With such a prototype, we did experiments to test the toughness against the aerodynamic force by exposing the aeroshell to the wind. As shown in the upper-right of figure 2, although the surface of the film was stretched by the aerodynamic force and changed into the shape of Mount Fuji, it succeeded to keep the form of an aeroshell. And we confirmed that it is possible to decelerate the reentry vehicle by generating strong aerodynamic force. We have confirmed that this prototype is able to be proof against an aerodynamic force of more than 200kg. However, if we give an aerodynamic force beyond expectation, it will be crushed like the lower-right of figure 2. Although the structure is able to be proof against an aerodynamic force of several hundred kilograms, from the crushed shape, we recognized that the flexible film was doing its best. Be doing such experiments again and again, we are improving the design of the deployable flexible aeroshell.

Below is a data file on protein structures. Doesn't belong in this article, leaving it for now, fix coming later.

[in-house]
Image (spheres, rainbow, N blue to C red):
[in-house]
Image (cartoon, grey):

Figure 2

Figure 2. The giant aeroshell (2.5m in diameter) in the wind tunnel experiments.

A "Balloon" Proof Against the Aerodynamic Heating

Next is the heating issue. Above we have introduced that the surface temperature of the aeroshell will be 1000°C while reentering. The maximum temperature of a reentering space shuttle is 1600°C, and when it comes to the return capsule of HAYABUSA, it is said that the temperature was 3000°C. Therefore, in comparison, the environment is rather moderate. In fact, it is just the most important feature of this system that heating is dramaticaly reduced compared to the reentry vehicles so far.